OpenFOAM for Windows 10

The packaged distributions of OpenFOAM for Ubuntu 14.04LTS can now be installed directly on Microsoft Windows 10 using Bash on Ubuntu on Windows. Bash on Ubuntu on Windows provides a full compatibility layer for running Linux applications on Windows through the Windows Subsystem for Linux (WSL), which performs real-time translation of Linux system calls into Windows OS system calls.  The system can support graphical Linux applications, such as the version of ParaView that includes the OpenFOAM reader module, with additional X server software (see below).  Running OpenFOAM applications in parallel using WSL is reported to work effectively.

Install Windows 10 Anniversary Update

The user first needs to install the Windows 10 Anniversary Update in a 64-bit Windows 10 OS in order to access the WSL.

  • Open the Settings application and select Updates & SecurityWindows Update.
  • In Windows Update, click Check for Updates.
  • The Anniversary Update appears as Feature update to Windows 10, version 1607.  Click Update and the software will download and install.
  • For full instructions, see How to Get the Windows 10 Anniversary Update.

Activate Windows Subsystem for Linux

The user then needs to to activate the WSL.

  • Open the Settings application and select Updates & Security → For Developers.
  • In For Developers, click Developer Mode (below right).
  • Open the Control Panel and select Programs → Turn Windows Features On or Off
  • Enable the Windows Subsystem for Linux (Beta) option from the list and click OK (below left).
  • You will be prompted to reboot your computer. Click Restart Now and wait for the the computer to reboot.


Run Bash on Ubuntu on Windows

After the computer restarts, the user can launch Bash.

  • Click the Start button, type bash, and press Enter.
  • The first time bash.exe is run, the user must accept the terms of service to install Bash on Ubuntu on Windows.
  • When prompted, create a user account and password for use in the Bash environment.

Installing OpenFOAM

The packaged distributions of OpenFOAM on Ubuntu Linux can now be installed from within the Bash environment.  We recommend users install the Ubuntu pack of OpenFOAM v5.0 or the current development version (or both).

  • Installing OpenFOAM 5.0
    sudo add-apt-repository
    sudo sh -c "wget -O - | apt-key add -"
    sudo apt-get update
    sudo apt-get install openfoam5
  • Installing OpenFOAM-dev
    sudo add-apt-repository " dev"
    sudo sh -c "wget -O - | apt-key add -"
    sudo apt-get update
    sudo apt-get install openfoam-dev

User Configuration

In order to use the installed OpenFOAM package, the user needs to set their environment for OpenFOAM as follows.

  1. One Time Only: At the bottom of the user’s .bashrc file, source the bashrc file in the OpenFOAM installation which contains the environment settings.  For openfoam5, the following command avoids the need to open an editor (for OpenFOAM-dev, replace openfoam5 with openfoam-dev):
    echo "source /opt/openfoam5/etc/bashrc" >> .bashrc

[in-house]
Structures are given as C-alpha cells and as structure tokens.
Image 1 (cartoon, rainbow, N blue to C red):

2. One Time Only: register the change to the .bashrc file by typing at the terminal prompt (note the dots):
    source $HOME/.bashrc
  3. Test that the simpleFoam application, from the OpenFOAM package, is working by typing
    simpleFoam -help
  4. A “Usage” message should appear. Your installation and user configuration is complete.

If more than one OpenFOAM package is installed, e.g. both openfoam5 and openfoam-dev, the user’s .bashrc file should contain only the source... command for the version they currently wish to use.

Enabling Graphical Applications

To run graphical Linux applications, such as ParaView or the gedit editor, requires the installation of X server software.  The most popular X server software for Windows is Xming, which can be installed as follows:

  • Download the Xming installer.
  • Run the Xming installer using the default settings.
  • Launch Xming and it runs in the background, visible in the system tray, waiting for a graphical Linux application to be launched.

When a bash shell is opened, the DISPLAY environment variable needs to point to the X server that is running.  To make this addition permanent, set the DISPLAY in the user’s .bashrc file and source it again, i.e. execute one time only:

echo "export DISPLAY=:0" >> .bashrc
source $HOME/.bashrc

With graphics enabled, users may wish to install other useful supporting graphical applications for OpenFOAM, such as the gedit file editor, the GnuPlot graph drawing package, and mplayer video player (and mencoder encoder) software, e.g.

sudo apt-get install gedit gedit-plugins
sudo apt-get install gnuplot gnuplot-x11 gnuplot-doc libgd-tools
sudo apt-get install mplayer mencoder

Next Steps

See OpenFOAM 5.0 on Ubuntu: Getting Started.  If the user has enabled graphical applications, they can open the gedit editor in the background (&) with

gedit &

Otherwise without graphical support, 3 popular editors which can work through a terminal are:

  • nano: the easiest of the 3 editors for the purpose, see nano basics guide;
  • emacs: powerful editor that uses a more complex set of key commands, emacs basics;
  • vim: another editor with arguably a less familiar set of key commands, see vim quick guide.

It is worth knowing the command to exit the editor you use in case a problem arises:

  • nano exits with C-x (C=Control key)
  • emacs exits with C-x C-c (preceded by C-g, if needed)
  • vim exits with ESC :q!

Thanks to Dongyue Li (from the Contributors to OpenFOAM) for testing and reporting his experience with OpenFOAM using Bash on Ubuntu on Windows 10.